Why Attend Psychology Colleges and Programs in Florida?

By Heather Mullinix

With over 50 colleges for psychology in Florida, prospective students of all kinds can find a school that meets their academic needs. State residents enjoy a low 3.2% unemployment rate, and the U.S. Bureau of Labor Statistics (BLS) projects an above-average job growth rate of 20-22%.

Students attending Florida colleges for psychology meet state educational requirements for licensure. They can also begin building a professional network through internships, volunteerism, and membership in professional associations.

In addition, Florida offers quality higher education opportunities at an affordable price. The state ranks first in higher education on the annual U.S. News & World Report best state rankings. Florida boasts the second-lowest in-state tuition costs, with the annual state average of $6,350 falling far below the national average of $10,440. Students graduate with an average of $24,041 in student debt, the eighth-lowest figure in the nation. Florida also ranks second in two-year college graduation rates and eighth for four-year college graduates.

What to Expect in a Florida Psychology College Program

According to the American Psychological Association (APA), Florida colleges and universities conferred 2,262 psychology degrees in 2018. This number represents associate, bachelor's, master's, and doctoral graduates from more than 50 colleges offering psychology programs across the state.

Many community colleges offer two-year associate degrees in psychology, which typically include general education coursework. Accredited schools often maintain articulation agreements with colleges and universities offering four-year bachelor's degrees, allowing associate degree-holders to transfer in as juniors and complete their advanced coursework in two years.

Doctoral programs offer students the chance to perform independent research and fieldwork in their chosen discipline.

A bachelor's degree may offer the chance to choose a specialization, such as clinical or educational psychology. However, most students delve more deeply into a specialty during graduate study. Master's programs generally require 2-3 years to complete and may include an internship component.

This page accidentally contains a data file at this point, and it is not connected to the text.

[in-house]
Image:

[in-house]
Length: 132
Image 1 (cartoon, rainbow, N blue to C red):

Doctoral programs offer students the chance to perform independent research and fieldwork in their chosen discipline. Prospective doctoral candidates should ensure that a program's curriculum and format align with their focus area.

What Courses Are Part of an Online Psychology Degree Program in Florida?

Course catalogs vary between schools and often depend on faculty interests and research. However, the best psychology schools in Florida offer a rich selection of elective courses. Electives help undergraduate students evaluate different specializations within psychology and how those concentrations assist and inform other disciplines. At the graduate level, elective courses allow students to perform fieldwork and research in their focus areas.

Analysis of Psychological Data

Psychological research often includes large sets of qualitative and quantitative data. In this undergraduate course, candidates explore the statistical analysis and organizational methods used to develop and test hypotheses. Students learn to select statistical methods for various purposes as they examine descriptive and inferential statistics.

Perception, Memory, and Thought

This undergraduate course introduces theories in cognitive psychology, examining the mental functions behind basic behaviors involving speech, memory, attention, and problem solving. Learners evaluate various methods developed to help patients cope with cognitive disorders, such as dementia or traumatic brain injury.

Human Development

Human behavior evolves from infanthood through adulthood. This introductory undergraduate course incorporates elements from various psychological subfields, such as developmental psychology, cognitive psychology, and social psychology. Students review historical and current research on topics like family and social influences, learning, language development, moral development, and development of identity.

Learning Processes in Education